AUSTRALIAN beef exports produced a sharp rise in March, reaching 90,974 tonnes to all destinations, up five percent on the previous month.
Extra working days during March accounted for part of the rise (20 days in February, versus 23 last month), but higher weekly processing throughput in the back half of the month after earlier rain – particularly in Queensland, where exports dominate domestic utilisation – also contributed.
Most well-established markets showed volume growth, month-on-month, while emerging export markets were mixed.
Japan remained Australia’s biggest export beef market for March, accounting for 26,100t of Australian chilled and frozen beef, up 9pc on February, but still 7pc below this time last year.
As usual, the transition into Japan’s new financial year starting April 1 had a bearing on trade flows, because it also ‘re-sets the clock’ on tariffs on imported beef in Japan.
Beef imports from both Australia and the US attract lower tariffs this month, than during March, meaning customers tend to run-down stocks before April 1 to maximise benefit.
In the case of the US, its frozen exports to Japan have now reverted to 38.5pc tariff, having shot up to 50pc last August after Japan’s Safeguard tariff protection mechanism was triggered by large US supplies (see earlier story).
In Australia’s case, our exports to Japan from April see the tariff on frozen beef cut by 0.3pc 26.9pc, while the tariff on chilled will be lowered by 0.6pc to 29.3pc under the Japan-Australia Free Trade Agreement. The trigger volume for the safeguard on Australian frozen beef will be increased by 1700t compared to fiscal 2017, to 201,700t, and by 1700t to 136,700t for chilled.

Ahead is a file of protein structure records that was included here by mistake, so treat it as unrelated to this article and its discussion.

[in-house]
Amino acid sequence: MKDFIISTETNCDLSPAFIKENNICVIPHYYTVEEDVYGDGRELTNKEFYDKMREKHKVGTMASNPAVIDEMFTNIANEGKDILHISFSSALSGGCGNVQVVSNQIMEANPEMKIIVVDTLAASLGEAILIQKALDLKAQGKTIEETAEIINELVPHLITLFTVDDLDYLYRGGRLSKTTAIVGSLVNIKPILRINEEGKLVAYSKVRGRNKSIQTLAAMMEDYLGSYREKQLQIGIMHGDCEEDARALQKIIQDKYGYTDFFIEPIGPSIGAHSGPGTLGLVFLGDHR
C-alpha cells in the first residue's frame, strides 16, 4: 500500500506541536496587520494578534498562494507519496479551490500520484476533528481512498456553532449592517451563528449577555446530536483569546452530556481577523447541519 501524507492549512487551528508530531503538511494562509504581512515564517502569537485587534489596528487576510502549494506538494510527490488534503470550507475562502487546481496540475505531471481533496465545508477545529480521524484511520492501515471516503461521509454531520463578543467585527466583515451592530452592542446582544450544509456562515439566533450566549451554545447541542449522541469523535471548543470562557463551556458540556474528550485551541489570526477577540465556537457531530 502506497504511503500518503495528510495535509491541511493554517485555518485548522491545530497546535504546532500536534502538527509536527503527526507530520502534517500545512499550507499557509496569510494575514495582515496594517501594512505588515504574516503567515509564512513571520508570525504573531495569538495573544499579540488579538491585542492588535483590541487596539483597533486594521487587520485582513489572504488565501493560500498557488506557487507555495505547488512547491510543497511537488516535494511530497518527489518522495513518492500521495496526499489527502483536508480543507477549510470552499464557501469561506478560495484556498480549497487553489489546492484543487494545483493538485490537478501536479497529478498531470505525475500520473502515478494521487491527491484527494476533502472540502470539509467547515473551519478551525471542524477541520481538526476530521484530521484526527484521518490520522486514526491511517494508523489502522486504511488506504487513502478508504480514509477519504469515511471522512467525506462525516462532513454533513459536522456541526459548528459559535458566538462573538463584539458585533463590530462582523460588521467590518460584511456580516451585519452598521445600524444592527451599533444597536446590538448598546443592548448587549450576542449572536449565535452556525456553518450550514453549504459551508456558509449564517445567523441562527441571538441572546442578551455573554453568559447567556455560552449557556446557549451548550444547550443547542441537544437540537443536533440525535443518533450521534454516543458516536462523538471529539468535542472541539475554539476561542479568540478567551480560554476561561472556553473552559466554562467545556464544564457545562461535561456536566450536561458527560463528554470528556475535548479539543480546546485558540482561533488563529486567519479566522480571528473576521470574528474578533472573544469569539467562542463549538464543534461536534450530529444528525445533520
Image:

Australian exports to Japan for the first quarter (Jan-Mar) have reached 66,700t, marginally higher than the same period last year.
Our exports to the US during March continue to struggle under the weight of rapidly growing US domestic beef production, reaching 19,700t for the month – 14pc higher than February, but a significant 10pc lower than March last year.
First-quarter exports reached 49,800t, about 3pc lower than last year.
Third largest export market Korea showed greater consistency, accounting for almost 13,000t in March, much the same as February, but 6pc lower, year-on-year.
First quarter shipments to Korea have now reached 35,400t, up about 2500t from the same period in 2017.
Trade into China continued at a steady pace, accounting for 11,500t on March, almost the same as February, but up about 7pc on last year. First quarter volume reached just over 31,000t – a substantial 27pc rise on the same three months last year.
The high-value European Union grain and grassfed markets accounted for 1256t of Australian beef in March – virtually all of it in chilled boneless form. That figure was down about 25pc from February trade (1735t) and March last year (1600t). First quarter volume reached 3700t, down marginally on the previous year.
Indonesia took 4854t in March, up 15pc on February, and almost double exports seen in March last year. First quarter total reached just short of 12,000t, about 50pc higher than this time last year.
The Middle East region continues to come under pressure from cheaper Brazilain beef exports, with Australia’s volume last month reaching about 2500t, down about 12pc on last year, while full quarter exports at 6500t were slightly up on last year – albeit off a low base.